In addition, there are the holy temples of the Lord—those beautiful and spacious buildings occupied by only the most devout—which cost many hundreds of millions of dollars, Brother Wheelwright, that we might enter therein to find a haven of peace apart from the worldliness of the rich and proud. Could we forgo these essential edifices and still maintain the salvation of all mankind? Certainly not.

And finally, let us not forget the many benevolent real estate investments made by the Church, that we might further the work of the Lord through their continuing returns. This includes a first-class mall which benefits the citizens of Salt Lake City on a daily basis. Malls are not inexpensive, Brother Wheelwright, and this mall happened to cost several billion dollars. But certainly this was a small price to pay considering the many homeless citizens who are now able to peacefully seek alms outside its many entrances. During my last visit to downtown Salt Lake City, my soul was filled with a supreme joy as I beheld this magnificent structure and realized how many of our dear homeless are now able to find shelter and refuge beneath the protection of its outstretched skybridge. At one point, Sister Delaney and I witnessed a faithful mall shopper lovingly place a coin within the hat of a poverty-sticken vagabond sitting on the sidewalk. Tears streamed down our faces as we realized that this heartfelt donation would never have been possible without the presence of the Lord’s mall. How glorious are the works of the Lord!

Brother Wheelwright, I testify that the wisdom of our prophets, seers, and revelators not only greatly surpasses our own, but is able to manage our tithes to a degree of glory that most of us cannot conceive. You can rest assured that the inspired Council on the Disposition of the Tithes is vigilant in caring for your contributions.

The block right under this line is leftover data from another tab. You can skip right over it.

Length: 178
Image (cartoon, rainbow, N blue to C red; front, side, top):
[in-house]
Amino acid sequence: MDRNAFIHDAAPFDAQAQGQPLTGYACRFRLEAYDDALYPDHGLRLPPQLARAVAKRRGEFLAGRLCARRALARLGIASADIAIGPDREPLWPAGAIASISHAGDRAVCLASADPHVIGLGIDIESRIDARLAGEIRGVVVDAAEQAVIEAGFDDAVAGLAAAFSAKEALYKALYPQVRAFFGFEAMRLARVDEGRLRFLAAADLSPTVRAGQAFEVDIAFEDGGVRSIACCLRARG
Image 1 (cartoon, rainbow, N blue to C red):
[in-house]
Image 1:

May the blessings of heaven shower upon you as your faithfully subject yourself to all the laws of God as taught through His authorized representatives upon the earth, even insomuch that there might not be room enough to receive them.

Lovingly,

Elder Delaney

Brothers and sisters, some time later I received this inspiring reply from the Wheelwrights:

Dear Elder Delaney,

We couldn’t have been happier to receive your reassuring letter regarding the use of our tithing donations, as well as the inevitable consequences of not paying them, which we hadn’t initially considered. We have decided to continue to pay a full tithing directly to the Church, with full faith and gratitude that these funds are being used to benefit the monetarily poor as well as the poor in spirit. We will also be making extra donations to the real estate and mall division of the Church, that more of our homeless brothers and sisters may be benefited.

With thanks and gratitude,

Chace & Anne Wheelwright

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17 thoughts on “The Sacred Disposition of the Tithes

  1. Filled with the Spirit